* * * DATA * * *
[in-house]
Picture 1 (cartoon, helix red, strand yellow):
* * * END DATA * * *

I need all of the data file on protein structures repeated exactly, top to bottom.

[in-house]
Picture 1 (cartoon, helix red, strand yellow):